United States District Court, District of Columbia
N. MCFADDEN UNITED STATES DISTRICT JUDGE
Dennis Nicholson, proceeding pro se, has brought an action
against the Secretary of the Navy in his official capacity,
with claims of employment discrimination and a violation of
the Health Insurance Portability and Accountability Act
("HIPAA"). Mr. Nicholson's discrimination
claims have already been dismissed. Presently before the
Court is the Defendant's Supplemental Motion to Dismiss
the HIPAA claim. Because HIP AA provides no private right of
action, the Defendant's motion will be granted, and the
HTPAA claim dismissed. Construing Plaintiffs recent filing as
a motion for reconsideration, I also conclude that
reconsideration of the previous opinion is not warranted.
Dennis Nicholson, an employee of the U.S. Department of the
Navy, brought gender and age discrimination claims against
the Secretary of the Navy in his official capacity pursuant
to Title VII of the Civil Rights Act of 1964, as amended, 42
U.S.C. §§ 2000e et seq. and the Age
Discrimination in Employment Act of 1967, as amended, 29
U.S.C. §§ 621 et seq.
alleged that he was denied an "opportunity to
compete" for a Custodial Worker position because of his
gender and age. Compl. 2. These claims have been previously
adjudicated by Judge Colleen Kollar-Kotelly. Nicholson v.
Mdbus, 257 F.Supp.3d 6, 8 (D.D.C. 2017). Judge
Kollar-Kotelly concluded that because Nicholson did not wait
180 days before filing suit after his administrative appeals
with the Equal Employment Opportunity Commission
("EEOC") as required,  his discrimination claims
had to be dismissed. Id.
apparent claim under HIPAA, 42 U.S.C. §§ 1320d
et seq., remains. Compl. 2. Mr. Nicholson alleges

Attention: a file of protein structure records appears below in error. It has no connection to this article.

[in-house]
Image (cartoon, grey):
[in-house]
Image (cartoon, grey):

that after requesting medical leave, his supervisor
"instructed him to provide specific details from [his]
doctor regarding [his] medical condition, " which
allegedly "violated" Mr. Nicholson's
"HIPAA rights." Id. Defendant now moves to
dismiss this claim. Def.'s Supp. Mot. To Dismiss, ECF No.
14 ("Supp. Mot. Dismiss"). In response, the
Plaintiff provided affidavits seemingly aimed at proving the
substance of his discrimination allegations. Pl.'s Resp.
to Def.'s Mot. To Dismiss, ECF No. 16 (hereinafter
"Mot. Reconsider"). The Court construes this filing
as a motion for reconsideration.
may move to dismiss a complaint on the ground that it
"fail[s] to state a claim upon which relief can be
granted." Fed.R.Civ.P. 12(b)(6). A complaint must
contain sufficient factual allegations that, if true,
"state a claim to relief that is plausible on its
face." Bell Atl. Corp. v. Twombly, 550 U.S.
544, 570 (2007). In evaluating a motion to dismiss pursuant
to Rule 12(b)(6), the Court must construe the complaint in
the light most favorable to the plaintiff and accept as true
all reasonable factual inferences drawn from well-pled
factual allegations. Banrieker Ventures, LLC v.
Graham, 798 F.3d 1119, 1129 (D.C. Cir. 2015). "In
determining whether a complaint fails to state a claim, [the
court] may consider only the facts alleged in the complaint,
any documents either attached to or incorporated in the
complaint and matters of which [the court] may take judicial
notice." Hurd v. District of Columbia
Gov't, 864 F.3d 671, 678 (D.C. Cir. 2017) (quoting